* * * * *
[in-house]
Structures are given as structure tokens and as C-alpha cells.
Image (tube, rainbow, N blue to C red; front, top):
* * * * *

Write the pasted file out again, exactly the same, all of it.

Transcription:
[in-house]
Structures are given as structure tokens and as C-alpha cells.
Image (tube, rainbow, N blue to C red; front, top):